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British actor David Suchet

Who’s Afraid of Virginia Woolf? | 1996


“I think ‘Who's Afraid of Virginia Woolf?’ is one of the greatest plays ever written. I remember when I saw it in 1972, I could only afford the rubbish seats, high up in the heavens, but I loved it. I swore to myself that if I ever got given the chance to play George that I would be the luckiest man alive, so when I was offered the role I was over the moon, but it was also the most frightening experience ever. I really prepared for it though, I took the role apart and learnt it inside out, and Diana Rigg was an inspirational actress.”

— David Suchet for lastminute.com, 2006

 

Dates and places

Opened at the Almeida Theatre, Islington, London on September 11, 1996 (closed on October 26) and then moved to the Aldwych Theatre, London on November 6, 1996 (closed on March 22)

Creative

Written by Edward Albee
Directed by Howard Davies
Designer: John Napier
Lighting: Jenny Kagan
Sound: John A Leonard

Cast

David Suchet as George
Diana Rigg as Martha
Lloyd Owen as Nick
Clare Holman as Honey

About the play

George, a middle-aged history professor, and his wife, Martha, invite a young couple (Nick and Honey) over for a dinner. George’s and Martha’s permanent squabbling with each other rapidly draws guests into their “games”, which involve savage verbal attacks against one or two of the others. For example, Martha exhausts all the ways to ruffle George and almost betrays him with Nick before his very eyes. In retaliation, George tells Martha that their son died. Martha strangely reacts to the news. She blames George that he had no right to resolve such issues on his own. Nick guesses that in fact the owners of the house don’t have any kids: they just played another “game” and Martha committed the blatant violation of the rules. The plot revolves around these “games”, which are referred to with sarcastically alliterative names: “Humiliate the Host”, “Get the Guests”, “Hump the Hostess” and “Bringing Up Baby”. Conversations, discussions and debates are becoming more and more intense. Shocking revelations and heart-rending accusations turn the party into the psychological nightmare, after which the life of the characters cannot go on as before.

Awards

For his performance as George in this play, David Suchet was nominated for the Laurence Olivier Awards (1997) and won the London Critic’s Circle Theatre Award (1997) as Best Actor. Diana Rigg won the Evening Standard Award (1997) as Best Actress.

image by http://www.photostage.co.uk

About the play

“Who’s Afraid of Virginia Woolf?” is a play by Edward Albee in three acts, each of which has a subtitle: “Fun and Games”, “Walpurgisnacht” and “The Exorcism”. Albee based the characters of Martha and George on his good friends Willard Maas and Marie Menken. They share the names of President George Washington and his wife Martha Washington. The play’s title, which alludes to the English novelist Virginia Woolf, is a parody of the song “Who’s Afraid of the Big Bad Wolf?” from Walt Disney’s animated version of “The Three Little Pigs”. In the first few moments of the play, it is revealed that someone sang the song earlier in the evening at a party, although who first sang it (Martha or some other anonymous party guest) remains unclear. Martha repeatedly needles George over whether he found it funny.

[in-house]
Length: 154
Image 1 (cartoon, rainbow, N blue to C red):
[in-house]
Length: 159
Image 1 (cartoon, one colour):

“Who’s Afraid of Virginia Woolf?” won the Tony Award (1963) and the New York Drama Critics’ Circle Award (1962–63). It was also selected for the 1963 Pulitzer Prize for Drama by that award’s drama jury. However, the award’s advisory board — the trustees of Columbia University — objected to the play’s then-controversial use of profanity and sexual themes, and overruled the award’s advisory committee, awarding no Pulitzer Prize for drama in 1963.

image by http://www.photostage.co.uk

About the playwright

Edward Franklin Albee III, an American playwright, is known for works such as “Who’s Afraid of Virginia Woolf?”, “Lolita” (adapted from the novel by Vladimir Nabokov), “Three Tall Women”, “The Goat or Who is Sylvia?” and others. Albee’s plays are considered well-crafted, often unsympathetic examinations of the modern condition. His early works reflect a mastery and Americanization of the Theatre of the Absurd that found its peak in works by European playwrights such as Samuel Beckett, Eug?ne Ionesco, and Jean Genet. Albee has received three Pulitzer Prizes for drama — for “A Delicate Balance” (1967), “Seascape” (1975) and “Three Tall Women” (1994). He received the Special Tony Award for Lifetime Achievement (2005); the Gold Medal in Drama from the American Academy and Institute of Arts and Letters (1980); the Kennedy Center Honors and the National Medal of Arts (both in 1996).

image by http://www.photostage.co.uk

From the history of production

(from “Who's Afraid of Virginia Woolf? (Plays in Production)” by Stephen J. Bottoms, Cambridge University Press: Cambridge, 2000)

... when the Almeida, another small, London-based art theatre, requested permission to mount a new production in 1996, he stipulated that he would only agree if a West End transfer was guaranteed. With Albee back in fashion following the international success of his 1994 Pulitzer Prize-winner “Three Tall Women”, he was in a strong position to make such demands, and a four-month run at the Aldwych Theatre was scheduled to follow the month at the Almeida. The resulting production added further momentum to the Albee renaissance, attracting rave reviews by striking that elusive balance between star-studded cast and genuinely cooperative, ensemble-oriented playing.

The Almeida production was initially suggested by a member of the theatre's board, Dame Diana Rigg, the former TV Avenger who was herself enjoying a renaissance in fortunes following recent lead performances in London productions of “Medea” and “Mother Courage”. The Almeida, which has a policy of programming star actors in plays they have special interest in, took little persuading that this would be Rigg's next great moment. However, the attendant danger of the show becoming an imbalanced star vehicle was counteracted by two other personnel decisions: the casting of David Suchet, another highly respected actor best known for his television work (as the title character in the Agatha Christie spin-off Poirot), and the choice of Howard Davies as director.